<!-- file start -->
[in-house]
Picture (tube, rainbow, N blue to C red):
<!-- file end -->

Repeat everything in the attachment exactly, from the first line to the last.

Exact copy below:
[in-house]
Picture (tube, rainbow, N blue to C red):